You might think so by reading the daily environmental trade press. Case in point -- in today’s Greenwire (subscription required), we’re informed of a new study published in the Proceedings of the National Academy of Sciences (apparently, not yet posted online) about fish farms. The authors of the paper believe that sea lice from farmed salmon caused a 9 percent to 95 percent mortality rate in wild juvenile salmon populations in British Columbia. The National Oceanic and Atmospheric Administration, however, is not persuaded, and notes that the study does not prove the point and that plenty of other studies have found to the contrary.
Now, set aside any doubts. Let’s just assume that sea lice from farmed salmon migrate to wild salmon and that it may -- but may not -- kill them. How do you feel about that? Now, my reaction is “Hmm. OK. I’ll keep an eye on that. Now, what’s for lunch?” But I’m an enviro policy wonk and I’m paid to care. Most people would probably not give a damn one way or the other. After all, there’s a lot of things in this world to worry about, and sea lice on salmon just isn’t something worth spending more than, say, a minute on at most.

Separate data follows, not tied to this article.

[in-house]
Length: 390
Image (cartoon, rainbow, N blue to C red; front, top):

But for environmentalists, the new report is an excuse for political road-rage. “This is an atrocity, this should just piss people off,” claims Prof. John Volpe, co-author of the study.
An atrocity? You mean, like what happened in Lancaster the other day, or what is going on today in Darfur? That’s a little extreme, isn’t it? And how reasonable is it to go to the water cooler with teeth grinding and nostrils flaring after hearing of salmon and sea lice?
“What’s the matter, Jerry? You look pretty mad.”
“I’ll tell you what’s the matter! Sea lice from commercial aquaculture is finding its way to wild salmon populations, and, by God, it REALLY TICKS ME OFF!!”
To quote Jerry Seinfeld, who are these people? Well, Greenwire has an answer to that too (but you will need a subscription to read it). According to “The American Environmental Values Survey,” a new report released by ecoAmerica (an environmental research firm), environmental groups reach out to roughly the same 3 million people, which represent about 1 percent of the population, and surveys repeatedly show the environment is a top priority for roughly the same small percentage of the public. Only 44 percent of people are willing to label themselves "environmentalists," only 48 percent think that environmentalists are "practical," and 44 percent described environmentalists as "self-righteous” (ONLY 44 percent??).
Keep this in mind as we enter the political season. The Greens are a pretty weird -- and a pretty overrated -- voting block.